• psychology/psychoanalysis/analytical psychology and literature,
  • literature and philosophy, critical theory, and censorship.

The work that we do addresses the problems of understanding an ‘Other’ across times, places/spaces, and cultures, whether this work is undertaken by means of translation, literary/cultural or social analysis, or historical research. 

Study options

PhD

  • Duration: 3 years full-time; 5 years part-time
  • Thesis length: 70,000-100,000 words, including references, bibliography and appendices (other than documentary appendices).

A Doctor of Philosophy may be awarded to a student whose thesis is an original work making a significant contribution to knowledge in, or understanding of, a field of study and normally containing material worthy of publication.

MLitt (Research)

  • Duration: 2 years full-time; 3 years part-time
  • Thesis length: 40,000-70,000 words (including references, bibliography and appendices).

Our Degree of Master of Letters (Research) requires you to undertake a postgraduate course of special study and research that represents a distinct contribution to knowledge.

MPhil (Research)

  • Duration: 1 year full-time; 2 years part-time
  • Thesis length: 30,000-40,000 words (including references and bibliography).

A Master of Philosophy (Research) requires you to undertake a postgraduate course of special study and research that represents a distinct contribution to knowledge.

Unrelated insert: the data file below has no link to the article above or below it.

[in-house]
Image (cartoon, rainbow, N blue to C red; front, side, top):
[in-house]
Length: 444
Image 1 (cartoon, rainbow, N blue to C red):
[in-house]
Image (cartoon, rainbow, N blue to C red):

MRes

  • Duration: 1 year full-time; 2 years part-time
  • Thesis length: 20,000-30,000 words (including references, bibliography and appendices).

Our Master of Research includes both taught and research elements. You will be required to undertake 60 to 80 credits worth of taught courses as well as independent study which represents some contribution to knowledge.

Entry requirements

Our regular standard of admission is at least an Upper Second Class Honours degree (2:1), although candidates will usually also have completed or be undertaking a Masters qualification.

Research proposal

Candidates are required to provide an outline of the proposed research subject in about 1000 words. This need not be a final thesis proposal but should include:

  • a straightforward, descriptive, and informative title
  • the question that your research will address
  • an account of why this question is important and worth investigating
  • an assessment of how your own research will engage with recent study in the subject
  • a brief account of the methodology and approach you will take
  • a discussion of the primary sources that your research will draw upon, including printed books, manuscripts, archives, libraries, or museums
  • an indicative bibliography of secondary sources that you have already consulted and/or are planning to consult

Your application, including your references and research proposal, will be passed to members of staff whose expertise and research interests most closely match the area of your proposed study.

English language requirements

For applicants whose first language is not English, the University sets a minimum English Language proficiency level.

International English Language Testing System (IELTS) Academic module (not General Training)

  • 7.0 with no sub-test under 7.0.
  • Tests must have been taken within 2 years 5 months of start date. Applicants must meet the overall and subtest requirements using a single test.

Common equivalent English language qualifications

All stated English tests are acceptable for admission to this programme:

TOEFL (ib, my best or athome)